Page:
The ability of Florida’s young homeowner insurance companies to manage a large catastrophic hurricane is “uncertain” despite recent strong financial performance, a new Fitch Ratings analysis asserts.
The report released last week, “Florida Homeowners Insurance Market Update: No Time for Complacency Following Hurricane-Free Decade,” says the short history and lack of experience with catastrophes would prevent many of Florida’s newly created insurance companies from earning “A”-level financial strength ratings.
The report does not suggest that newer insurance companies — which hold 60 percent of the market in the state — are in financial trouble.
In fact, it says that a decade without a hurricane making landfall has enabled Florida’s homeowner insurance market to replenish capital from 2004-05 losses and improve capacity to withstand future catastrophe events.
“It’s not a question of if these Florida specialists will be tested by a hurricane but rather when the next catastrophe strikes, will they be prepared to handle a significant increase in claims volume?” Fitch Director Christopher Grimes said in the report.
Fitch, one of the nation’s three largest credit rating agencies, does not rate the Florida homeowner insurance market. But if it did, analytics of 32 companies that derive most of their homeowner insurance premiums from Florida suggests those companies would be unlikely to receive “A” financial strength ratings, the report said.
“A” ratings are the highest investment grades bestowed by agencies such as Fitch, Standard & Poor’s and Moody’s. “Investment grade” ratings include AAA, AA, A and BBB, while BB, B, CCC and below identify companies that analysts believe are riskier investments.
The report said the companies are limited by relatively small size and scale, concentrated products and geographic profiles, relatively low levels of surplus and heavy reliance on reinsurance — which is insurance bought by insurers.
“Many growing Florida property insurers have brief histories, untested by a large loss event, which creates uncertainty as to how these firms respond to the next inevitable hurricane,” the report said.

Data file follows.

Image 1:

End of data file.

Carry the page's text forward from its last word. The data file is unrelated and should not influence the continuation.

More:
Last October, the state Office of Insurance Regulation said 67 insurers that participated in its simulated “stress test” had more than the minimum capital and surplus required to respond to three simulated catastrophic storm events.
The companies owe their growth in large part to the number of policies shifted from state-run Citizens Property Insurance Corp. Citizens decreased in size from nearly 1.5 million policies in 2011 to 490,328 at the end of March, while building a nearly $7.4 billion surplus.
Citizens’ improved financial strength enhances the Florida homeowner insurance market’s “overall resiliency,” but transferring the risk to the new companies “adds to the market’s dependence on smaller (insurance companies) with more limited capital levels anted access to new capital than Citizens,” the report says.
And while the cost of reinsurance has declined over the past few years, bolstering the companies’ financial positions, heavy reliance on reinsurance could place insurance companies in an unfavorable negotiating position with reinsurers when settling claims and disputes in a period of large catastrophic losses, the report said.
Seven of the 32 companies that Fitch looked at had reinsurance ratios in 2015 that would result in risk ratings of “BBB+” or lower.
“Extensive catastrophe exposure and dependence on reinsurers are key limiting factors that reduce the likelihood of Florida specialists gaining “A” category … ratings,” the report said.
Jay Neal, president and CEO of the Florida Association for Insurance Reform, a consumer watchdog organization, said “it’s all true” that Florida’s young companies currently rely more on reinsurance and maintain smaller surpluses than investors would prefer to see, based on industry benchmarks.
“But that means nothing when it comes time to pay claims,” he said. “Financial solvency is the least of our problems right now.” More important, he said, is stemming increasing costs and lawsuits over non-weather-related claims, including water losses, that threaten to fuel rate increases for homeowner policies years to come.
Neal said he expects the companies to rely less on reinsurance as they build up their surpluses over the next 20 years.
Source: Sun Sentinel